If you’re planning to take a trip to Hawaii in the near future, you should spend some time familiarizing yourself with indigenous Hawaiian culture, history and customs. This will not only make your trip more enjoyable, it will also ensure that you’re respecting age-old traditions throughout the duration of your stay in the islands.
There are a number of things that you can do during your visit to Hawaii that can give you a better taste of local life. For instance, taking a trip on a fishing charter can give you a truly unique peek into the world of Hawaiian fishing. There are few things quite as exciting as journeying out to open water, and seeing the wonders of the Hawaiian seas in all their resplendent glory.
Pele is one of the most significant spirits in the Hawaiian canon. Also called “She Who Shapes the Sacred Land,” Pele is a creative goddess that both destroys and builds the Hawaiian Islands, putting the archipelago through a continuous test of fire.
Lives in Kilauea
According to local legend, Pele makes the Halemaumau crater, at the center of Kilauea volcano, her home. Recently prominent in the news for its ongoing May 2018 eruption, Kilauea is actually one of the most active volcanos in the world, and is the most active volcano in the western hemisphere. Depending on conditions, you may or may not be able to gaze down into Pele’s home in the Halemaumau crater, located in Hawaii Volcanoes National Park.
Pele hasn’t always lived in Kilauea, however. Legend states that she originally hails from Tahiti, where she was exiled by her father for her fierce temper. Pele’s oldest brother is Kamohoalii, the king of the sharks.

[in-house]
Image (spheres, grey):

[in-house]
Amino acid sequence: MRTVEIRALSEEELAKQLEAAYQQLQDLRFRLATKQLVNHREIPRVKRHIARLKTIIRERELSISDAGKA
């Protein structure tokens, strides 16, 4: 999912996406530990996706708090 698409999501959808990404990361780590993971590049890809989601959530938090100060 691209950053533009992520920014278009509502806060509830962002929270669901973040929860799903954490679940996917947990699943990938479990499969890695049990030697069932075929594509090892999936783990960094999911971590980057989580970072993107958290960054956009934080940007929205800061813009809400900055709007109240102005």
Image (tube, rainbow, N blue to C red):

Ancient and revered
For centuries, Pele has been one of the primary centers of Hawaiian spirituality. Many tales and legends outlining her storied temper, her ferocious beauty and her wrathful creativity inform Hawaiian culture to this day. Sometimes, Pele appears to humans as a beautiful young traveler with a white dog. On other occasions, she may manifest as an old woman dressed in white. Claims of Pele sightings, particularly in and around Hawaii Volcanoes National Park, continue to this day.
Because of the strong spiritual role that volcanoes play in Pele’s mythology, it’s important to honor local customs regarding Pele’s home. Berries, rocks and soil found on the Hawaiian Islands all belong to Pele. Thus, taking them as souvenirs is disrespectful and a serious cultural faux pas.
If you’re hoping to learn more about the engaging myths and stories that comprise Hawaiian culture, you should strongly consider taking a fishing charter with Sea Wife Charters. Our local guides boast a wide range of knowledge relating to Hawaii’s distinctive culture, its rich natural environment and the stunning oceanic bounty of this truly unique volcanic region. We offer private and share charters that fit a wide range of needs and budgets. Whether you’re a first-time visitor or a lifelong resident, taking a trip with Sea Wife Charters is sure to be a fun and exciting experience.